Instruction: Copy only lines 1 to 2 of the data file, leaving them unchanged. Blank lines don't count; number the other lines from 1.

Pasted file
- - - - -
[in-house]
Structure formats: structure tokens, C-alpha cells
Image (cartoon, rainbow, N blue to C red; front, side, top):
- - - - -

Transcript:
[in-house]
Structure formats: structure tokens, C-alpha cells